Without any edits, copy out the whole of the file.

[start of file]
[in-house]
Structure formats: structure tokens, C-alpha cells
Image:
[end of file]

[in-house]
Structure formats: structure tokens, C-alpha cells
Image: